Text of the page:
‘How Risky is Australian Household Debt?’

Discussion in 'Markets & Economies' started by mmm....shiney!, Aug 27, 2020.

  1. mmm....shiney!

    mmm....shiney! Well-Known Member Silver Stacker

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    A recent report from the RBA, it counters the views of people like Martin North etc so if you're either in the crash camp with North and the RE bears, or the she'll be fine camp with the RE bulls it's probably a good read if you want to make sure you're making investment decisions based upon as much information as possible. Without getting mental whiteout. :p

    The report looks at the last 20 years of RE and the debt to income ratio of Australians. There's some interesting stats presented eg Australia has the highest level of rental property ownership held by households in the world whereas the rental supply in other countries is made up of a greater proportion of corporate and government landlords which I didn't know.

    Basically their conclusion is that DTI ratios in Australia do not point to a higher risk and that banks are well positioned to deal with a severe downturn in the economy, consumer spending is the most likely casualty in the event of a severe and prolonged downturn.

    The paper seeks to answer these three questions:

    1. Why is household debt in Australia relatively high compared with other countries, and what are the main reasons it has increased over time?

    2. How big are the risks this debt poses to the banking system?

    3. How might this debt shape the response of consumer spending to severe downturns in the economy?

    Non-technical summary: https://rba.gov.au/publications/rdp/2020/2020-05/rdp-2020-05-non-technical-summary.pdf

    Report with tables and formulae with funny shapes: https://rba.gov.au/publications/rdp/2020/2020-05/rdp-2020-05-non-technical-summary.pdf
     
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  2. sammysilver

    sammysilver Well-Known Member Silver Stacker

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    You mention debt and income but not savings. Some of the RE debt is offset by equity in the property. In addition there is a considerable amount in superannuation across most households. It would make sense to offset some of the RE debt with super savings possibly within the same banking institution. Both separate but still linked.
     
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  3. leo25

    leo25 Well-Known Member Silver Stacker

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    Debt poses zero risk to the banking system, if it did the system would have fallen apart a long time ago. If a major bank reserves gets low, the central bank will fix it with a few key strokes. This has been the standard practice across the world since 2008 and i can't see why it will suddenly change.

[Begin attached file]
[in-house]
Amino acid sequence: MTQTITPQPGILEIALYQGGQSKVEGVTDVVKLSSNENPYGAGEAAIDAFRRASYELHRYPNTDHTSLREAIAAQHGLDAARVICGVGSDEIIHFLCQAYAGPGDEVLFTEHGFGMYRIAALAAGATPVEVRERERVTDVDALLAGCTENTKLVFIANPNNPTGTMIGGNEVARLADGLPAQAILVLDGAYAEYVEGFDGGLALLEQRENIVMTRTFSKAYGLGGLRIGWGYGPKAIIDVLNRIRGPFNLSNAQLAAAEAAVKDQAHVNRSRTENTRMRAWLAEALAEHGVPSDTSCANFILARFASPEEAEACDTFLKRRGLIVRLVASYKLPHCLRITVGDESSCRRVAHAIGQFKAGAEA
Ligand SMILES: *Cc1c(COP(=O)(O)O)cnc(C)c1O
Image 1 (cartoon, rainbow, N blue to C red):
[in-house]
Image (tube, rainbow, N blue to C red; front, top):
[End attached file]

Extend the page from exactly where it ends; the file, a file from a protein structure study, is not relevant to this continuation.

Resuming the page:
Central banks are constantly in contact with major banks to make sure they always have enough reserves. That's how they keep rates at more or less zero.
     
  4. JulieW

    JulieW Well-Known Member Silver Stacker

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    I don't have a link reference, but I've seen figures showing something like we're a third renters, a third mortgagees and a third owners. In this, the mortgagees are on average a couple of years ahead in payments (probably to do with offset/redraw loan facilities).

    If these sort of figures are close to accurate, then the household debt and precarious lenders might be smaller than most doomsday pundits estimate. Keating's concept of the pillars of banking seems to have worked out overall, and his superannuation plan has created a practical parachute for many.

    Anecdotally, I find most friends and acquaintances are fairly optimistic about the future. Personally I think the negative effects of the Covid lockdowns will be much greater than many estimate - in certain demographics, - but in the larger picture I expect a couple of years before the future looks realistically brighter.

    Unfortunately our politicians are involved in the recovery and that could complicate things. I can't imagine how they plan to fix the Covid deficit, although if Labor gets in, their previous taxation platform could be a useful starting point. I'd also hope they'd grab the initiative for a resources tax. Fairly simple solutions but with politics in the picture it might be a lot more complicated than that.